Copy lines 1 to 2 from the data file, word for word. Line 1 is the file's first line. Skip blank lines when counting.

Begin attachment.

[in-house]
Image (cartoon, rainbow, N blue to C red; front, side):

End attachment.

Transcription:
[in-house]
Image (cartoon, rainbow, N blue to C red; front, side):